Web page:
• Checking In: I started playing around with Foursquare and Gowalla over the last year to find out what this location-based mobile application was all about. Some use it for education programs or marketing communication, I primarily use it to archive where I’ve been – restaurants, travel locations, historic locations and such with my personal network. I have also appreciated the location “tips” and discounts when I arrive at each spot. Yelp & TripAdvisor are a few other travel/location referral websites I frequent to read a restaurant review or plan a vacation. 
Phew! It seems like a lot – I know. But I use the above tools for different purposes AND at different times. Keep in mind that THESE ARE JUST TOOLS. During social media training workshops, I often recommend that participants new to the social web “try one or two on for size” to find out what works for them. The bottom line is – it has to serve a purpose, be used intentionally, and help you be a better you. If you don’t use, then you should probably loose it.
There have been a other social media tools I have tried out, but as you can see they haven’t made my frequent flier list. I suggest figuring out what is right for YOU and decide what YOU want to make time for. If you understand the what/purpose (content) and the where (social media application), you will be able to find your social web zen. Social web participation and engagement has to make sense. Be sure to ask yourself:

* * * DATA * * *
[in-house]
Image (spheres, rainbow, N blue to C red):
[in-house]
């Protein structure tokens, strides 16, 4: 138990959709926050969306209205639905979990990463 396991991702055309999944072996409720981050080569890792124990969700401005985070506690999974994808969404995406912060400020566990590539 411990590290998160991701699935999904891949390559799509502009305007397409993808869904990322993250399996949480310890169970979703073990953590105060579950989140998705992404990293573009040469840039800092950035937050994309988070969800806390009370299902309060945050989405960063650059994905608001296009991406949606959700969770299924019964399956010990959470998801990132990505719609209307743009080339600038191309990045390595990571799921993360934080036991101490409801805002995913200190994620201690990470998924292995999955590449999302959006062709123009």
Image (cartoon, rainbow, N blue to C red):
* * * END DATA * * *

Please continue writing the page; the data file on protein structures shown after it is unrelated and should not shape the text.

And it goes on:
Are your social web interactions meeting your personal, professional and/or  learning needs? 

BreakDrink, CTCX, Social Media, web 2.0

Location: There’s No Place Like Home

Why check in with location for learning? Good question. In higher education these geographically social resources connect our students on campus, share information and encourage community participation. Location-based services provide a game-like challenges for students within higher education. These location applications provide interaction, establish online identities and create a “home” feeling for many higher education institutions.

Geosocial applications create an emerging online learning environment for our students. Gowalla offers programmed trips that include highlights, challenges and items to collect. Foursquare offers incentives, discounts and fun badges to its users. A variety of student affair departments are beginning to experiment and play with the location-based apps on campus – are you one of them? If so, please share.

Earlier this year the Campus Tech Connection chatted with a few people about location-based applications and how they impact our campus communities. I am not using location based applications for learning just yet, but I am interested in exploring the possibilities. These podcasts delve into a few ideas and examples of how location-based resources are being used on campus: